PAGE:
Revolution within the revolution: solid state batteries promise to change the rules of the electric car, and silicon wants to be its star ingredient
Solid state batteries promise. They promise a lot. Up to 50% more autonomy, a longer useful life and up to six times faster charging, among other powerful improvements. Currently, some of the giants of the automotive industry are involved in its development, such as Volkswagen, BMW, Hyundai or Ford, among other companies, so this innovation can’t afford not to thrive. There is too much financial muscle pushing it.
In fact, the arrival of the first electric cars equipped with these batteries is very close. Ford and BMW expect Solid Power to deliver the first 100 Ah cells in the coming months, so both brands have confirmed that they are confident of launching their first vehicles equipped with this technology in 2022. Yes, surprisingly they should arrive next year.
Ford and BMW are confident of launching their first solid-state battery electric cars in 2022
Solid Power launched its solid state battery development project in 2012, but it is by no means the only company working on this battery technology. QuantumScape is receiving the financial backing of Volkswagen, Continental and Bill Gates, so there is no doubt that he is another of the actors that we are interested in not losing sight of in the coming months.
The increase in autonomy that I have talked about in the first paragraph of this article is the result of the increase in energy density, which in solid state batteries theoretically touches 500 Wh / kg. QuantumScape also ensures that in just 15 minutes it will be possible to bring a completely discharged battery to 80% of full charge. And, in addition to having a longer life due to the absence of degradation at the anode, these batteries promise to be more stable, safer and cheaper. Fingers crossed that these promises are kept.
The solid electrolyte and the silicon anode form a tandem with a future
In the report that I link here, we explain in some detail how solid-state batteries work, but to continue with this article, it is enough to remember that they use the same operating principle as lithium-ion batteries, but use a solid electrolyte instead of one in a liquid state. Each of the cells is made up of two metal or composite electrodes that are in contact with a conductive medium. The latter is the electrolyte.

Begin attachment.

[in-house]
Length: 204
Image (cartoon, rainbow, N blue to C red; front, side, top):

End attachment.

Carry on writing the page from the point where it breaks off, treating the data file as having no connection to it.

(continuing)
This component usually uses a lithium salt that contains the ions that are necessary to propitiate reversible chemical reaction that takes place between the cathode and the anode, which are the electrodes. The companies that are developing solid state batteries have not disclosed the composition of their electrolyte because it is part of their intellectual property, but we know for sure that it does not use lithium salts in liquid state; uses a compound in solid state.
The interesting thing is that a few days ago a group of researchers from the University of California in San Diego (United States) published an article in Science in which they argued that by doping the graphite used in the manufacture of the anode with silicon, or even, manufacturing it completely with this last chemical element, it is possible multiply the amount of ions in the battery by ten. The authors of this article defend that this strategy allows to significantly increase the energy density of the battery, although they do not specify how much.
Solid state batteries with silicon anode promise to have an even higher energy density
According to them, introducing a silicon anode in a battery with lithium salts electrolyte is not a good idea because both elements interact causing the battery to degrade, become unstable and its capacity is reduced. However, in their article they reflect that none of this is a problem when using a solid electrolyte.
In addition, they ensure that their initial design is extremely stable, has a significantly longer useful life than lithium-ion batteries and guarantees at least 500 charge cycles. preserving 80% of capacity battery. It doesn’t sound bad at all. Fingers crossed that, as anticipated by BMW and Ford, the first solid-state battery electric cars will arrive next year. Although it does not yet incorporate a silicon anode.
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More information | Science